Cairo, November 12, 2011 (AFP)
Cairo, November 12, 2011 (AFP)
The Arab League on Saturday suspended Syria until President Bashar al-Assad implements an Arab deal to end violence against protesters, and called for sanctions and transition talks with the opposition.
A statement, read by Qatari Prime Minister Hamad bin Jassem Al-Thani, said the League decided “to suspend Syrian delegations’ activities in Arab League meetings” as long as it stalls on the plan and to implement “economic and political sanctions against the Syrian government.”
Syria angrily denounced the suspension as illegal and said it spelled the end of any Arab role in resolving the deadly anti-regime protests sweeping the country.
The decision was “illegal and contrary to the treaty” that set up the pan-Arab organisation, said Syrian Ambassador Yussef Ahmad, quoted by Syrian official media.
He said the moves “put an end to joint Arab action and show that the (League’s) administration is subjected to US and Western agendas.”
Apart from the suspension, which had been sought by the Syrian opposition, the League also called for the withdrawal of Arab ambassadors from Damascus but left the decision to each member state.
Sheikh Hamad told a press conference the decision would take effect on November 16, and that Arab ministers would meet again to decide on specific sanctions.
The statement also called for the protection of civilians and said Arab League chief Nabil al-Arabi would contact international organisations concerned with human rights, “including the United Nations,” if the bloodshed continued.
It called for a meeting in Cairo with Syrian opposition groups in three days to “agree a unified vision for the coming transitional period in Syria.” The the opposition would later meet with Arab foreign ministers.
A week of deadly violence in city of Homs overshadowed the meeting, in which ministers had appeared divided on what measure to take but eventually voted by majority on the final statement.
Assad’s regime agreed on November 2 to the Arab roadmap, which called for the release of detainees, the withdrawal of the army from urban areas, free movement for observers and media and negotiations with the opposition.
Instead, human rights groups say, the regime has intensified its crackdown, especially in flashpoint Homs, killing at least 125 people in the city since signing onto the peace deal.
“Homs is a microcosm of the Syrian government?s brutality,” said Sarah Leah Whitson, Middle East director of Human Rights Watch, which accused the regime of crimes against humanity based on its systematic abuses against civilians.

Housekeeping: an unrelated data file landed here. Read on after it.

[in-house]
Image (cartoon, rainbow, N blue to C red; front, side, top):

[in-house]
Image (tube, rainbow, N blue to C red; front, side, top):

Human Rights Watch, like protesters and Syrian opposition leaders, urged the Arab League to suspend Syria’s membership as punishment for its brutal eight-month crackdown on dissent.
At least 23 people were killed in violence in Syria on Friday alone, most of them civilians in the flashpoint central city of Homs, which an opposition group declared a “humanitarian disaster area” earlier this week.
On Saturday, three people were killed in clashes in the northwestern region of Idlib, near Turkey, after between 50 and 60 soldiers defected to the opposition, said the Syrian Observatory for Human Rights.
And in Homs, security forces carried out raids and arrests in the Bab Sebaa and Bab Dreib districts, it said, adding that “heavy gunfire was heard in the neighbourhood of Baba Amro.”
With NATO ruling out operations and UN Security Council sanctions unlikely because veto-wielding permanent members Russia and China are allies of Assad’s regime, regional actors have come to represent the best avenue to pressure Damascus.
Damascus argues it has moved forward on the deal by releasing 500 prisoners and its envoy to the Arab League expressed on Friday his government’s willingness to receive a pan-Arab delegation.
“This will help assess Damascus’s commitment to the (Arab) plan and to unveil motives behind certain external and internal parties working for the failure of the Arab blueprint,” the official SANA news agency quoted Ahmed as saying.
Despite the Assad regime’s prevarication, the United States insists its days are numbered and says that even Arab leaders are encouraging him to step down quickly.
“Some Arab leaders already have begun to offer Assad safe haven in an effort to encourage him to leave peaceably and quickly,” said Assistant Secretary of State for Near Eastern Affairs Jeffrey Feltman.
“Almost all the Arab leaders say the same thing — Assad’s rule is coming to an end. Change in Syria is now inevitable,” Feltman told members of the Senate Foreign Relations Committee in a hearing.